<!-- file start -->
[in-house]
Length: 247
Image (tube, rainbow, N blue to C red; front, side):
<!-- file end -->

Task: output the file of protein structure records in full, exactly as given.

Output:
[in-house]
Length: 247
Image (tube, rainbow, N blue to C red; front, side):